Is sleep debt a real thing - and can you actually catch up on lost shuteye?
We’ve all heard of the concept of sleep debt, but what exactly is it and is it possible to make up for lost sleep? We asked three experts.
Here are their answers:
DR ALISON BENTLEY
General practitioner, researcher and expert on sleep disorders
There is definitely such a thing as sleep debt. When you wake up in the morning you start spending on a credit card which needs to be paid off every night when you sleep. If you don't sleep enough then you are in sleep debt when you start the next day. Sleep debt is very much like credit card debt - it can only be paid off by sleep (as in money for credit card). No amount of meditating/resting will pay off the debt.
Also, even when in massive debt the brain can really only take 14 hours of sleep as a maximum, but the sleep debt may not be paid. You have had your usual eight hours and then paid back an extra six hours which may not be enough. Many people have accidents after this first long sleep because they think they paid it all back.
The jury is out on whether you need to pay back hour-for-hour, because when in debt your sleep does become more efficient. Plan on catching up every hour you are behind.
DR IRSHAAD EBRAHIM
Specialist neuropsychiatrist in sleep disorders at the Constantia Sleep Centre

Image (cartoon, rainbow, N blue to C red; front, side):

Sleep is not like a bank where you can go into overdraft mode. If you are sleep deprived your brain will first make up the deep sleep you lost and then the REM (rapid eye movement) sleep will kick in. You need to prioritise making up the deep sleep you lost.
If you’re chronically sleep deprived you will feel the impact of this, whether it’s physical or psychological.
The short answer is yes, in the very short term you’ll make up the sleep you lost, but if you are sleep deprived in the long term you’ll feel the impact of this, and you won’t be able to make up this sleep.
DR MAUREEN ALLEM
Founder and medical director of Sleep Renewal
Thinking that one can make up for lost sleep at the weekend after a week of late nights and early mornings is a myth. Keeping a consistent schedule is best for the body, as chronobiologist Till Roenneberg so adequately explains in his book, Internal Time: Chronotypes, Social Jet Lag, and Why You're So Tired.
The fact is that you can actually throw your body off even more by trying to catch up on sleep at the weekends, which can create a vicious cycle as it is then harder to sleep during the week.
If you, however, really are sleep deprived, do try to get in a few extra hours when you can. But this is not a long-term solution and establishing a routine of getting enough deep sleep is highly recommended.